The second camp was that of allies. While for LeBron that solidarity was racial as well as for a fellow athlete, a fellow citizen, and for the American value of free expression, for Bruce Maxwell of the Oakland A’s who was the first MLB player to take a knee during the playing of the Star Spangled Banner, it was about three out of the four same reasons.
Particularly vital is the solidarity that many NFL owners, coaches, and other staff demonstrated with the Black players on their teams. While some chose to also kneel, others linked arm-in-arm on the field with their players. Many owners tweeted declarations of support, and even of condemnation of Trump’s remarks, but some, like Jaguars owner Shahid Khan, took to the field on Wembley and stood in embrace alongside his players.
For corporate executives there are relevant inclusive leadership lessons here:
First, stand up for all your workforce. With the most diverse workforce ever in history, an attack on any underrepresented group is an attack on vital members of your workforce. To not stand up to attacks in the public square of diverse people is to not stand up for your employees. Tim Cook gets this, saying in a memo to Apple employees referring to the attempted repeal of DACA, “I am deeply dismayed that 800,000 Americans — including more than 250 of our Apple coworkers — may soon find themselves cast out of the only country they’ve ever called home.”
Second, speak up against dehumanization. Political philosophy disagreements are honorable, but an attack on people based on their diversity is not a political debate. It’s about decency. Among the NFL owners who made statements in support of their players, are plenty of politically conservative and Republican supporters. They made the distinction between their political philosophy and dehumanization.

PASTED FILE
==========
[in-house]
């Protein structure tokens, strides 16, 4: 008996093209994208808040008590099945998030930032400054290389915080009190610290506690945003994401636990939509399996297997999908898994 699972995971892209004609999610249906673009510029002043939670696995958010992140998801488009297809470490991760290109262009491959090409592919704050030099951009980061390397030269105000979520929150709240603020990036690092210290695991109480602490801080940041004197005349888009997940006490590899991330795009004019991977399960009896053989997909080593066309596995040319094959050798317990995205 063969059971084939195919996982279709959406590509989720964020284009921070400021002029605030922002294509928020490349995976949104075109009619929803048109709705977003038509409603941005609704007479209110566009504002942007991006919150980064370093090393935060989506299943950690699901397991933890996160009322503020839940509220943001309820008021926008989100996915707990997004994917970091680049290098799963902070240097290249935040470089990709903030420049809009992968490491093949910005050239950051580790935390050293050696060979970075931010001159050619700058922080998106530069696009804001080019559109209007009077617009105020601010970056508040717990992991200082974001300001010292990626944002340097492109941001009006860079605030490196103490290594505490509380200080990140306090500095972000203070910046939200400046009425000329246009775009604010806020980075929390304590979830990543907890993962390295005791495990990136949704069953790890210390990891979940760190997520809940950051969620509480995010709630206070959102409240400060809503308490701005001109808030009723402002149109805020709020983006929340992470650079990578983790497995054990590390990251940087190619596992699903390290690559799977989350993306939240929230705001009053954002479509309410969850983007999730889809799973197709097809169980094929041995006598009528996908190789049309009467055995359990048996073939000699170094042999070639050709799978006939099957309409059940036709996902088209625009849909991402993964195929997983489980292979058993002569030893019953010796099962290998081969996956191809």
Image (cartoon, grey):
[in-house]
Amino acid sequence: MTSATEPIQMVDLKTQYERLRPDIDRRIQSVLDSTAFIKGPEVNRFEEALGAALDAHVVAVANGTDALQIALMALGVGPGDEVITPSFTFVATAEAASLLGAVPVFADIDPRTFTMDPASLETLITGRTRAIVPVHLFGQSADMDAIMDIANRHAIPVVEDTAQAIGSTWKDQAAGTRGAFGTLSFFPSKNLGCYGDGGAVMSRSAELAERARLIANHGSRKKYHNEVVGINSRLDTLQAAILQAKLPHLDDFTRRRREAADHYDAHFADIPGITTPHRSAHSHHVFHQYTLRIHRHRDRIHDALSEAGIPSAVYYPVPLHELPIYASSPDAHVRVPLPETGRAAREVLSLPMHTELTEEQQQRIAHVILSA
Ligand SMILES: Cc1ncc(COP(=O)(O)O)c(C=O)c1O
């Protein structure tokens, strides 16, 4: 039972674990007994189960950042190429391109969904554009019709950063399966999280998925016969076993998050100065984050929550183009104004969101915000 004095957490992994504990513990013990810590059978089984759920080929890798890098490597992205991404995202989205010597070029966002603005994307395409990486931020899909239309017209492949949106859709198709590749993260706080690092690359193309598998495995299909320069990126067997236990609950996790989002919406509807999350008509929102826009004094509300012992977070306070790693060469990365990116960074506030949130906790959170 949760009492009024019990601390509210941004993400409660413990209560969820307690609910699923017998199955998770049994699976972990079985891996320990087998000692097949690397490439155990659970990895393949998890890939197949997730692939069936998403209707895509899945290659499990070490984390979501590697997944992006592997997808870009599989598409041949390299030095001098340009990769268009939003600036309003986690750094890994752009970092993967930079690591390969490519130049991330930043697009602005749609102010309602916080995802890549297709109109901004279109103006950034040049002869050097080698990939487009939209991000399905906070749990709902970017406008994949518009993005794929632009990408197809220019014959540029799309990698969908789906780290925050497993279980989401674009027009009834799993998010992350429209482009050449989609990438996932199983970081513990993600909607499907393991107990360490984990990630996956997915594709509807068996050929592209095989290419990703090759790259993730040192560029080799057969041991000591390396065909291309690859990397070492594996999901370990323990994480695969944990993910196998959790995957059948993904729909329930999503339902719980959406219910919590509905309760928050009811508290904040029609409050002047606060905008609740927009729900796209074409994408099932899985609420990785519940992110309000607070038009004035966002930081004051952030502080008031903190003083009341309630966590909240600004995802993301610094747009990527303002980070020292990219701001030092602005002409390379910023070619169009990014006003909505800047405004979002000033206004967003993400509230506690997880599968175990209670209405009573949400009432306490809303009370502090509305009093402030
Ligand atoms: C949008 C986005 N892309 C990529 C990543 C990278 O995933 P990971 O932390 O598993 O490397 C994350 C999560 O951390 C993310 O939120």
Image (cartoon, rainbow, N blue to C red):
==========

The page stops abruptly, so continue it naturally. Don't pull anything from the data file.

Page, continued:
Third, use your position of privilege to protect and to influence. While the athletes have a platform to speak, their voices for equality are further augmented when executives, and particularly those from the majority culture, recognize that their stances can be a powerful counterforce to actions aimed at creating division and eroding American values. Said Shahid Khan, who actually had donated to the Trump campaign during the election, “It was a privilege to stand on the sidelines with the Jacksonville Jaguars today for the playing of the U.S. national anthem at Wembley Stadium…Our team and the NFL reflects our nation, with diversity coming in many forms — race, faith, our views and our goals. We have a lot of work to do, and we can do it, but the comments by the President make it harder. That’s why it was important…for me, to show the world that even if we may differ at times, we can and should be united in the effort to become better as people and a nation.”
These divisive times in the midst of unprecedented diversity call for gutsy inclusive leadership. Up to this point inclusive leadership was a feel-good mantle that leaders happily donned since the thought was how could inclusiveness be controversial? who could possibly be against it?
But now, we are seeing that inclusive leadership is not for the faint of heart. It takes courage and guts. Clarity of vision and willingness to act.
For those who are the targets, this means a willingness to act with self-agency while not reciprocating with denigration of the other side but rather responding in a dignified, strong, we-will-not-back-down way as we witnessed among the NFL players.
And for those who are allies, it means setting aside one’s own immediate priorities and tending to those who are being hurt.
What leaders will be that kind of inclusive leader?
The Post-Obama Era and the Transformation of Global Diversity